The first step here is registering a company in a suitable offshore jurisdiction where no tax will apply, such as the British Virgin Islands. Let us assume that a suitable investment property has been identified, which can be purchased for $200,000. Depending on where the property is located, it may be possible for a local bank to provide mortgage finance to assist with the purchase. In London, for example, it is quite normal for investment properties to be bought through BVI companies borrowing up to 70% or more of the purchase price from local banks.
Once the company has secured a loan for 70% of the purchase price, the bank will lend $140,000 to buy the property, while the company’s shareholder will need to contribute the remaining $60,000 as a loan to the company. The company will then buy the property and rent it out to generate rental income. The rent received will be used to repay the bank loan.
In the first few years, the interest on the loan will be quite high in relation to the rental income. This means that the company’s profits will be low, even though the value of the property will typically be appreciating. If the company’s income is taxable in the jurisdiction where the property is located, which is usually the case, this means that the company will not be paying much tax. Note that in any event, no tax will be payable in the jurisdiction where the company is registered.
In later years, as the rental income increases and the interest on the loan is reduced, the company’s profits will rise. If the rental income is taxable, then the tax will also rise. The usual strategy at this point is to add a second property to the portfolio. The bank will now consider the combined value of both properties in calculating its 70% lending ratio, which means that the shareholder’s contribution for the second property will be substantially less than 30%.
To illustrate this, let’s assume that 4 years after the first property is purchased, it is worth $280,000 and that the balance of the loan has been reduced to $110,000. The purchase price of the second property is $300,000. The combined value of the properties is therefore $580,000. If the bank is prepared to lend 70% of this, the total lending will amount to $406,000. But as there is still a balance of $110,000 owing on the first loan, the amount of the additional loan will be $296,000. This means that the shareholder will only need to contribute $4,000 for the purchase of the second property.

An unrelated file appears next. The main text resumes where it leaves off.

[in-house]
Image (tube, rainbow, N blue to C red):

The interest on the two loans will once again be quite high compared to the combined rental income, so the tax exposure is now back to low levels. This cycle can be repeated in the following years, acquiring more properties whenever the effective loan to value ratio of the portfolio drops too low. Many investors have successfully used this strategy to build up substantial property portfolios over the years.
In the illustration above, we have assumed that tax will apply on the rental income in the jurisdiction where the properties are located. Provided the rental income is taxed at a lower rate in that jurisdiction than in the shareholder’s country of residence, then registering a company to hold the properties will obviously lead to tax savings, as the rental income will not form part of the shareholder’s personal income and will therefore not be taxed at the higher rate.
The tax exposure can be further reduced by utilising a second offshore company, as follows: